Isolation and Quarantine (“Exclusionary”) Periods For California Employees
by Doug Larsen of Fishman, Larsen, & Callister
Late on January 6, 2022, Cal/OSHA updated its FAQs on its COVID-19 Emergency Temporary Standard (“ETS”) incorporating recommendations issued by the California Department of Public Health (“CDPH”) on isolation and quarantine periods (also known as exclusionary periods). While the Cal/OSHA exclusionary periods have remained constant for the past six months, recommendations from the CDC and CDPH have changed several times. Currently, the recommendations from the CDC and CDPH are assuming that the omicron strain is less serious, and that people can return to the workplace and reintegrate into society much more quickly. The Cal/OSHA update helps clarify the amount of time an employee must be excluded from the workplace in the event the employee has COVID-19 or has been in close contact with others with COVID-19.
History of Excluding Employees from Work
When Cal/OSHA approved the current ETS in June of 2021, it included rules requiring employers to exclude from the workplace employees with COVID-19 and persons who were exposed to COVID-19. These exclusionary periods differed from recommendations provided by the CDC and the California Department of Public Health (“CDPH”). Accordingly, Governor Newsom issued an executive order that declared the ETS exclusionary periods are overridden by CDPH recommendations when they were longer than those recommended by the CDPH.
Last night’s announcement clarifies that employers should follow the CDPH guidelines when determining how many days an employee with COVID-19 or exposed to COVID-19 must remain away from the workplace. In fact, Cal/OSHA recommends we begin following the ETS now which does not go into effect until January 14, 2022.
Exclusion Rules Under the January 2022 ETS
Employees Who Test Positive for COVID-19. Employees who test positive must be excluded from the workplace for at least 5 days. They may return after day 5 if symptoms are not present or are resolving and a specimen collected on day 5 or later tests negative.
If an employee does not test but the employee’s symptoms are not present or are resolving, the employee may return after the 10th day of exclusion.
Any employee must continue to be excluded until any fever resolves. “Fever” means a body temperature of 100.4 degrees Fahrenheit or higher. Resolution of the fever means the body temperature is less than 100.4 degrees Fahrenheit for at least 24 hours without fever-reducing medication.
The employee must continue to avoid the workplace if symptoms are not resolving or until day 11 from a positive test. Employees who do return to the workplace must wear face coverings around others for 10 days after a positive test.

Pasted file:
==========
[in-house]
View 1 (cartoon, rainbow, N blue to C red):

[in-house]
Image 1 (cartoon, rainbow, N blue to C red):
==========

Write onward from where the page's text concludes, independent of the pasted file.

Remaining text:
Exposed Employees Who are Unvaccinated or Did Not Receive a Booster.
Cal/OSHA and the CDPH consider a person who has been vaccinated but has not received a booster for which the person is eligible to be the same as an unvaccinated person. These persons must be excluded from the workplace for at least 5 days after the last close contact with a COVID-19 case. These persons must also test on day 5. If the test is negative and if symptoms are not present, the person can return to the workplace. An employee who does not have symptoms but who does not test must be excluded from the workplace after 10 days of exclusion.
Employees must wear face coverings around others for 10 days after close contact.If an exposed employee develops symptoms, the employee must be excluded pending the results of a test.
A person is eligible for a booster 6 months after the second dose of the Moderna or Pfizer vaccine. A person is eligible for a booster 2 months after the Johnson and Johnson vaccine. Exposed Employees Who are Fully Vaccinated. If the employee has been vaccinated and has either received a booster or is not yet eligible for a booster may remain at work even if in close contact with a person with COVID-19. However, this person must test on day 5. The test must come back negative. This employee must also wear a face covering for 10 days after exposure. If the employee develops symptoms, the employee must be excluded pending the results of a test.
Date of COVID-19 Testing. Employees with COVID-19 must test on or after day 5 of a positive test. Employees partially or fully vaccinated must test on day 5. I’m not sure why the law makes this distinction. Cal/OSHA says that employers should follow the ETS for fully vaccinated employee who “cannot be tested on day 5.” This means that fully vaccinated employees must wear a face covering and maintain six feet of distance for 14 days following close contact.
Do You Need More Information?
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